Protected from both wet feet and the hot, tropical sun, today we set about finding homeowners who need volunteer assistance ready for the influx of willing workers on Friday. Paddling around a flooded subdivision of Cagayan de Oro we found a hive of activity. People were busy doing what they could; hauling mud to the street in buckets, hosing down floors and cars, fishing possessions out of the soupy mess the water left behind, washing and bleaching water damaged bedding.
We found plenty of people who’d be hugely grateful for assistance with removing warped, moldy wooden ceilings, wall panels and kitchen cabinets as well as hauling ruined possessions, scrubbing dirty floors and pulling up rotting lino. Many people in this community are elderly and cannot manage these things themselves. Others are physically and mentally exhausted having been working to get back into their homes for a month. In the coming weeks our volunteers will be able to work with these families and restore these buildings to a livable condition, helping people out of emergency and temporary shelters and enabling them to go home.
I hope everyone who’s applied is looking forward to coming home smeared in filth and smelling of sludge – it’s going to happen!
It’s always all go at the beginning of a project and Cagayan de Oro is no different. Volunteers will start arriving next Friday and before they do we need to have somewhere for everyone to sleep, work for them to do, paperwork to be filled out, tools to work with, vehicles to ride in, food to eat … the list goes on and on. Not only this but we have to make sure that we have enough volunteers to do the work but not so many that people end up sleeping under the kitchen table!
Right now I am sitting under a tin roof on stilts sheltering from the rain (good job I brought those hot pink wellies) and updating the information sent out to arriving volunteers with new details about where we’ll be living. Later I’ll head home to check my inbox for volunteers confirming their travel details and tomorrow we’ll be making a start on fitting the base out to house 30+ people.
The need here in this community, and those surrounding it, is huge. Over 5000 homes in CdO were completely destroyed in the flash floods in mid-December and many of those made homeless are now being moved into large tent camps. Although this is better than the overcrowded evacuation centers it is obviously not a permanent solution. We are planning to assist local organizations in the construction of permanent housing which will be sold, through interest-free loans, to families who lost their homes.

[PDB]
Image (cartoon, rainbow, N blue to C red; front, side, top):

Many evacuation centers were set up in school gymnasiums and accommodation needs to be found for those still housed there before school can start again so we can also help to put up some of the hundreds of tents that are still to arrive from Manila and the UK.
And, as has become something of an All Hands specialty, we will be clearing the muck and debris that was swept into homes along the river bank. While low-quality wooden houses were simply washed away, many concrete houses survived structurally intact and now stand uninhabitable. Using techniques honed on projects across the world, volunteers will remove the mud, flush the house with water and clean all affected rooms, helping people to get back into their homes and get back on with their lives.
Come the 20th I hope to be enough ahead of myself that I can pull on my fetching pink wellies for real and head out to get filthy and tired and sore for a great cause: helping a family go home, one bucket of mud at a time.
Turkey’s eastern Van Province was rocked by a 7.2 earthquake on October 23rd, leaving 604 people dead and 28,000 houses uninhabitable. Following severe aftershocks this week that caused further collapse many people are afraid to return to buildings which are not damaged for fear of further seismic activity.